Live in the Time of Coronavirus: Pt 16, Quarantine Fatique

About four months ago most of the United States began some form of lockdown.  About a month ago, most of those states loosened-up some restrictions.  Some states require face masks in public, others strongly recommend it.  Many politicians refuse to wear a mask for a variety of reasons (vanity among them.)

Most states use a phased approach to re-open.  Many of those states are not adhering to guidelines finally released by the CDC.   There has been a spike in COVID-19 cases in many states that have reopened.

People argue:

  • increased numbers are caused by increased testing, not more cases
  • hospital bed use is a better reflection of the actual increase in number as opposed to testing results.

Two places to get COVID-19 statistics are

  1. CDC- https://www.cdc.gov/coronavirus/2019-ncov/cases-updates/index.htmlCDC COVID-19 Chart through 13 June 2020
  2. John Hopkins University-https://coronavirus.jhu.edu/map.html

John Hopkins Map 20200617

    1. Look at the Recovered sections if you want to feel a bit more hopeful.

John Hopkins recovered snapshot 20200617

Virginia is one of the states where the daily number of virus cases and deaths are going down.  We are in phase II of the state’s reopening.  People are weary of any limitations, despite an increase in what they can do and where they can go.

On June 17, the local news announced that 25 states had increased cases of COVID-19–three of them had increases greater than 100%

At the Distillery.

We visited it last Monday.  The young woman running the distillery that day, met us at the window before we entered the building.  She asked to see our ID cards (both of us are in our 60s) and said she would put her mask on if we wanted her to wear one.

Approximately eight guests were in the tasting room, including us.  Four of them left about five minutes after we got there.  Social distancing was left to the discretion of each couple.

The young woman made a feeble attempt at wiping the bar top down with a splash of hand sanitizer swirled around with not-quite-clean rag. (She never did put her mask on despite making several mixed beverages for the four customers.)

The bathroom was not as clean as it normally was with a dark ring around the toilet bowl at the waterline.

At the Hardware Store.

At a small, locally run hardware store, neither of the two store employees wore masks.  They came out from behind the wooden counter to help customer find items in the store.  My husband and I were the only two people in the store wearing masks when we went in to purchase a fan and a woodscrew.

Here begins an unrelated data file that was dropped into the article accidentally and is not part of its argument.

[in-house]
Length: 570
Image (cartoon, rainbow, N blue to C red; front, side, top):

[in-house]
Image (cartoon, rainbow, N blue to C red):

At the Grocery Store.

Today at the local Kroegers, the store still had one door listed as the entrance and one door listed as the exit.  As I entered, a young man pushed his cart under the temporary belt line control indicating that people were not to go in that direction and out the entrance door.  As I exited, a woman was pushing her cart into the grocery store.

All the staff and customers I saw were still wearing masks.  Most people seemed to have abandoned wearing the rubber gloves I saw on earlier visits.  They also seemed less concerned with practicing social distancing.

At Protests.

I have not been to a protest march and can only observe what I’ve seen on television.  From Los Angeles, Minneapolis, Washington, DC,  Richmond, and Charlottesville, social distancing is a pipe dream.  I’ve seen more masks proportionally worn by the protesters than I have seen worn in the Senate.

Unlike COVID-19, protesting injustice is something that people can see and participate actively.  With COVID019, they can wash their hands and maintain six feet of separation.

 

 

 

7 thoughts on “Live in the Time of Coronavirus: Pt 16, Quarantine Fatique”

  1. Most people around here still seem to be wearing masks, at least in grocery stores and on the street. Bars are another matter, though. As I drove past one bar on the edge of town the other night, I noticed that they had a volleyball tournament going in their side yard, and there weren’t many masks in the crowd. I think it’s mostly younger people who don’t have masks, but then they are the ones who seem to need to be out a lot.

    Liked by 2 people

  2. An astute observation. I hope they no longer think that they can’t get or pass it on. Around here I’ve noticed more mask-wearing in blue island Charlottesville and Albemarle County than I have noticed in the more red-leaning counties of Nelson, Green, and Madison. Orange County (home of James Madison) also seems to lean towards wearing a mask. Wonder if they are following an example…

    Like

  3. Here in Rome it’s mostly young people who don’t wear masks, and oldsters (men) who wear their masks… under their noses! It’s actually so simple to wear masks properly – look at Japan! – you really wonder what’s wrong with people…

    Liked by 3 people

  4. It does make you wonder. Are we genetically programmed to have the mentality of rebellious teenagers “You aren’t the boss of me.” In the States, it truly does start at the top these days.

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